ABSTRACT: PURPOSE: The aim of this study was to elucidate the effects of sex hormones that are secreted during gestation from the placenta on ABCG2 mRNA and protein expression levels by using the placental cell line BeWo. METHODS: We investigated the effects of estrogens (estrone, 17-β-estradiol and estriol) on the expression level of ABCG2 mRNA by RT-PCR. The expression level of ABCG2 protein was analyzed by Western blot analysis. We also investigated the localization of ABCG2 in BeWo cells by Western blot analysis of the plasma membrane fraction and by immunohistochemistry. RESULTS: It was found that all estrogens induce the expression of ABCG2 mRNA in a concentration-dependent manner. Furthermore, Western blot analysis showed that 17-β-estradiol induces the expression of ABCG2 protein.
Abstract PURPOSE: Overactivation of nitric oxide and protein kinase C (PKC) pathway has been reported to play a role in the pathogenesis of vascular hyporesponsiveness of endotoxic shock. In this study we investigated the role of nitric oxide and PKC in lipopolysaccharide (LPS) mediated vascular hyporeactivity. METHODS: Contraction to phenylephrine and endothelium-dependent and independent vasodilation in the presence and absence of a nonspecific NO inhibitor (L-NAME) and potent PKC inhibitor (chelerythrine) were examined.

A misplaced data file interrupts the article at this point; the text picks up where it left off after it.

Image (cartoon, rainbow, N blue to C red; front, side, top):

Abstract: PURPOSE: To evaluate the permeability enhancing effects of octylglucoside (OG) for molecules with poor absorption such as insulin by in vitro cell models. METHODS: Transepithelial electrical resistance (TEER) was monitored to ensure monolayer integrity. Permeability was ascertained using paracellular markers. Markers and insulin were dissolved in Hanks balanced salt solution and placed on the apical side of the cells in Transwell® plates and allowed to diffuse under sink conditions. RESULTS: The effect of OG on the permeability of molecules across both monolayers was concentration and time dependent. Enhanced transport of the three molecules was observed across both monolayers treated with OG as compared to untreated monolayers.
ABSTRACT Purpose: The aim of this work was to evaluate the pulmonary antimetastatic activity and the systemic toxicity of camptothecin-loaded microspheres. Methods: PCL microspheres containing camptothecin (CPT) were prepared by the emulsion solvent/evaporation method and characterized according to their encapsulation efficiency, particle size, morphology, and drug release. The ability of CPT to inhibit the lung metastasis was verified using an experimental mouse model intravenously injected with metastatic B16-F10 melanoma cells. The microspheres and the free drug were given intraperitoneally at a dose of 7 mg/kg at intervals of three or five days for 24 days.